Opinion: I’m banned from visiting my family in North Korea. When will the U.S. change this policy?
My grandfather rarely spoke, except through his saxophone. He was a man of few words but a lot of heart. I can’t pinpoint when exactly I learned that he was born in what is now called North Korea, but I do remember thinking, “I’m too old to be learning this for the first time.” Like thousands of Korean Americans, my family is still divided by the ongoing war in Korea and the current U.S. travel ban to North Korea.
On Tuesday, the State Department announced that the Biden administration will extend the travel ban to North Korea for another year. This draconian ban was initially instituted in 2017 under former President Trump and prevents thousands of Korean Americans from reuniting with family in North Korea. Americans can still use their U.S. passports to visit some countries with travel restrictions, such as Cuba and Iran. But no U.S. passport is valid for travel to North Korea. Instead, U.S. citizens must apply for a totally separate “special validation passport.” The State Department has unfettered discretion as to whether it grants this passport, and does so only in exceedingly exceptional circumstances.
Before 2017, thousands of U.S. citizens traveled to North Korea, many of them Korean Americans seeking to reunite with family from whom they became separated during the Korean War. The State Department made this decision despite the repeated urging of activists to lift this inhumane ban.
Nuclear weapons have created monarchic power in the U.S. and elsewhere.
My paternal grandfather fled North Korea during the war and lived the rest of his life separated from his siblings and family members. Decades after this separation, he participated in an effort coordinated by a nongovernmental organization to reunite split Korean families when travel to North Korea was still permitted prior to 2017. In North Korea, he was shown a faded photograph of his elementary Sunday school class to verify that he was, in fact, related to family members with whom he sought to reunite. My grandfather failed to recognize his younger self in this photograph but recognized his teacher. This happenstance recognition permitted him to meet his sister, from whom he had been separated for nearly 50 years. He was able to meet her children for the first time and learned that his younger brother had passed away.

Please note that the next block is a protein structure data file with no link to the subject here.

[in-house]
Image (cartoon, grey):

Our family has otherwise remained divided.
For years, I hesitated to look at photographs of our relatives in North Korea because I was afraid of what I’d feel. To even dream about the possibility of lifting this travel ban felt frightening because fighting for change would open me up to heartbreak. I have been tempted to settle into pessimism and dismiss attempts for change as naive. An elder Korean peace activist described this tendency as “so Korean”: to break my own heart before anyone else could break it for me. She counseled me instead to engage in peace advocacy and learn from intergenerational Koreans from across the diaspora who have kept the fight aflame for decades.